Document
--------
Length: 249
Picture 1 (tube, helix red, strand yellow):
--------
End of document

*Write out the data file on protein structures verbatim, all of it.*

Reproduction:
Length: 249
Picture 1 (tube, helix red, strand yellow):